Postman fights thyroid cancer by taking up boxing

Kevin McBrierty, 29, in the Holyrood Gym, where he trains. Picture: Wullie Marr
Kevin McBrierty, 29, in the Holyrood Gym, where he trains. Picture: Wullie Marr
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A POSTMAN with thyroid cancer has turned to boxing to help him fight the disease.

Kevin McBrierty, from Musselburgh, has returned to the gym just days after undergoing radiation treatment.

Kevin in hospital after his thyroid was removed. Picture: Contributed

Kevin in hospital after his thyroid was removed. Picture: Contributed

The 29-year-old had to stay in isolation for two weeks as radioactive medicine pulsed through his body, killing the cancer cells.

But the determined father-of-three, who always wanted to learn to box, continued his training in his tiny spare room.

Kevin is now preparing for his first-ever match next month – an exhibition event to raise money for charity.

It was in December last year when his wife convinced him to go to the hospital after hurting his neck in the gym.

I couldn’t go to the gym. The radiation would come out in my sweat

Kevin McBrierty

It turned out swelling was not down to injury but tumours inside his thyroid, which produces hormones to regulate metabolic rate and functions like muscle control.

The decision was taken to operate and totally remove the gland. “When it was removed it was twice the size of an average thyroid,” he said. “The doctor said it was bloody huge.”

Everything went to plan with the operation but Kevin felt himself struggling to adjust to living on hormone replacement tablets.

He said: “I was low, I’d put on weight, I was also in a depression. I thought this couldn’t go on.

“I had to take my mind off it. I was really quite grumpy at home – I had to do something.”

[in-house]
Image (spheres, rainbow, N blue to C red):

He got in touch with Bradley Welsh from the Holyrood Boxing Gym, who introduced him to the sport and set him a target – a bout next month.

“It has taken my mind of the fact I’m 29 years old and I had cancer and potentially still do,” he said. “It is a great way of taking you mind off it and keeping yourself fit.

“I thought it was over but it wasn’t. The doctor phoned me and said I would need radiation treatment to kill off any cancer left in my body.

“The cancer may have spread to my blood. The biopsy of the thyroid showed a large number of tumours – not good news.”

His radiation treatment started on July 6 but Kevin was determined to still take part in his boxing match.

“I had to be in isolation for three days at the hospital and two weeks at home,” he said.

“I was in the spare room in the house, just a six by eight-foot room for two weeks.

“There were two weeks when I couldn’t go to the gym. The radiation would come out in my sweat, which is dangerous.

“It was horrible, I couldn’t spend time with my daughter even though she was just in the other room. I was training in the house doing squats and light weights.”

Just days after his treatment finished he was back with his coach in the gym.

He said: “It was brilliant to get back into the gym. I’m still waiting on the results but the hospital are very optimistic.

“It’s been a horrible thing to go through but you have to look forward. That chapter of my life is done now.”

Asked it he would recommend boxing to others in his position, he said: “As long as their coach and doctors say it is OK, I would say go for it. ”

Mr Welsh, said: “Kevin contacted me saying ‘I want to box’. He’d always wanted to box. I said I’d make it happen.”

Kevin will be boxing on August 8 at Portobello Town Hall, raising money for the Butterfly Thyroid Cancer Trust.